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P-value based on the argument that the highest excess could have shown up everywhere in the time distribution

Again, the previous procedure can be easily criticized, because the bin to which the test has been applied has been chosen after having observed the data, while a peak would have been arisen, a priori, everywhere in the plot.'' The standard procedure to overcome this criticism is to calculate the probability that a peak of that or higher value would have shown up everywhere in the data, i.e.

 (3)

where is the number of bins and stands for the cumulative distribution (the product in Eq. (3) is based on the assumption of independence of the bins). In our case we get 13% or 23% depending whether a constant or varying background is assumed, i.e. p-values above any over-optimistic choice of the p-value threshold.

It is interesting to note that the p-value can be reobtained approximately as , showing that even a very pronounced excess can be considered not significant if a large number of observational bins are involved in the experiment (and practitioners restrict arbitrary the region to which the test is applied, if they want the test to state what they would like...). The dependence of the result of the method on observations far from the region where there could be a good physical reason to have a signal is annoying (and for this reason, practitioners who choose a suitable region around the peak do, intuitively, something correct...). On the other hand, the reasoning does not take into account that other bins could be interested by the signal.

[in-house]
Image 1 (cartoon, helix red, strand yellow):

We shall see in Sec. 4.3 how to use properly the prior knowledge that a (physically motivated) signal could have appeared everywhere in the histogram.

Next: Why not to use Up: P-value analysis of the Previous: P-value based on the
Giulio D'Agostini 2005-01-09